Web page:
Best roast potatoes in the world

9 11 2010

Being British I have eaten my fair share of roast potatoes, quite often as an accompaniment to roast beef but just as often alongside other less traditional dishes or just by themselves.

Some roast potatoes are good, some are ok and some are a downright insult. These roast potatoes are great.

Personally I love the mix of the regular potatoes with their new world sweet potato counterparts but you can exclude these if you want to keep things old school, if you don’t use the sweet potatoes then replace them with more white potatoes.

You will need:

2lb of white potatoes

1lb of sweet potatoes

2 large red onions

3 cloves of garlic

extra virgin olive oil

balsamic vinegar

fresh thyme

fresh rosemary

a handful of  sage leaves

sea salt

black pepper

 

Pre-heat an oven to 200 degrees C

Peel your regular potatoes and cut them into pieces of uniform size,  boil these for approx 6-7 minutes until they are part cooked.

At this point place the potatoes into a colander and give them a shake so that the edges get chuffed up. Pat dry the potatoes using some kitchen paper so they are as dry as you can get them.

place your potatoes into a large roasting tray and pour over a good amount of the extra virgin olive oil about 3/4 table spoons. Roll the potatoes around so that they are all evenly coated in the olive oil, season the potatoes with a good pinch of salt and pepper.

At this point pop the tray into the oven and cook for about 30 minutes, at this point they should be lightly golden brown .

Whilst the potatoes are in the oven by themselves you can prepare everything else; peel the onions and chop them into at least quarters, peel the garlic cloves and roughly smash them so that all of the flavour is released, clean your sweet potatoes and chop them into small chunks with the skin left on, remove any woody stalks from your rosemary and thyme.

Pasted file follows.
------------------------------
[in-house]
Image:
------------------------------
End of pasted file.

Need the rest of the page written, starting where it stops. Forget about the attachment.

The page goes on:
Take a bowl and mix the herbs together with a good glug of olive oil and about 2  tablespoons of balsamic vinegar.

Take your tray of potatoes and add in the sweet potatoes, onions and garlic making sure that everything is well distributed.

Now pour over the mix of herbs, oil and vinegar again making sure that everything is well coated and well distributed.

Turn the oven down to approx 180 degrees C and cook for a further 45/50 minutes until everything is crispy and bubbling.

Transfer to a dish and either serve immediately or cover with a lid and serve within 15/20 minutes at the most.

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The Kings Ford – Chingford E4

22 10 2010
The King’s Ford
250-252 Chingford Mount Road
Chingford
E4 8JL
Phone
020 8523 9365

The Kings Ford is part of the JD Wetherspoon chain of pubs and as always with Wetherspoon pubs you mostly know whar you are gonig to get before you even enter the door.